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  • Additional FCR Calculations Calculated a single FCR for renewable resources assuming 5 year tax life and 20 year book life.Assumed all investors are taxable due to preferential depreciation status11.53%Calculated a blended FCR for coal and nuclear resources assuming 20 year tax life and 30 year book life.11.51%

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  • Generating Resources Considered

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  • Cost & Operating Assumptions for Conventional Alternatives

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  • Different Conventional Prototypes Modeled in Strategist2x1 Generic Combined Cycle with maximum capacity of about 600 MW800 MW Supercritical Pulverized Coal Unit without CCS1100 MW Nuclear UnitBaseload ResourcesGeneric frame CT with maximum capacity of about 200 MWPeaking ResourcesIn addition, wind resources for meeting RPS requirements were added.

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  • Addition of Wind Resources Wind Resource addition based on the Futures for Integrated Transmission Planning Process year 20 Assessment, Revision 3.Business as Usual (Base case) wind additions assumes no RES requirements (as per Appendix 1 of the aforementioned document) 42,000 GWh of renewable generation is achieved by 2020 for the whole SPP area At 40 percent capacity factor, this equates to about 11.9 GW of nameplate capacityCapacity value (Firm Capacity) of wind resources is assumed to be 5 percent of the name plate capacity.Wind resources capital cost assumed to be $2,150/kw (2010 dollars)Operating costs of wind resources assumed to be $51/kw-year.All new wind resources to meet RPS are expected to be online by 2020.

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  • Wind Resources (Total New plus Existing) by Year

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  • Other Key AssumptionsModel run for 20 years (2011-2030, inclusive)No potential CO2 taxes considered for the base caseCoal PRB price forecast No change to Ventyx forecast.NG price forecast HH forecast from Ventyx. Basis differentials updated base on SPP stakeholder feedback.Uranium prices Ventyx forecast updated based on stakeholder feedback.Units are allowed to be added in intervals of 2/3 years, with the intervals increasing from 2 years to 4 years as we move further out into the study period.200 MW of capacity is allowed to flow from SPPS to SPPN from 2010-2022 as SPPS has excess capacity at this time.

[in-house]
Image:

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  • Wind Profile Data Collection MethodologyEWITS and WWSIS dataMesoscale modeled dataModeled years are 2004, 2005, 2006Used year 2005 profile because that year was judged as the best representative year. 10 minute data translated into 8760 hourly observationsInformation presented in capacity factor (%) unitsProfiles scaled accordingly to incorporate additional capacity factor information from actual project data

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  • Base Case Results

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  • Reserve Margin with No New Units NPPN (Preliminary)

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  • Reserve Margin with No New Units SPPN (Preliminary)

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  • Reserve Margin with No New Units Whole SPP (Preliminary)

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  • Expansion Plan NPPN (Preliminary)

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  • Expansion Plan SPPN (Preliminary)

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  • CO2 Emissions Intensity SPPN and SSPP (Preliminary)

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  • Reserve Margin with New Units (Preliminary)

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  • Base Case Results ObservationsSPP North requires capacity additions early: 2014SPP South requires capacity late: 2024As wind resources are added in SPPN between 2013-2020, new baseload resources not justified. Lower capital cost intermediate and peaking units are added in this period.Baseload resources are added in SPPN after 2020 when energy needs increase but additional wind resources are not added in the model.SPP South needs intermediate and new baseload resources for the base case in the later half of the study period. As no carbon legislation is assumed in the base case, coal units are selected in the later half of the study.